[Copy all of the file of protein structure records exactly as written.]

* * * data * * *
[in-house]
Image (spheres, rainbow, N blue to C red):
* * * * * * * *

[in-house]
Image (spheres, rainbow, N blue to C red):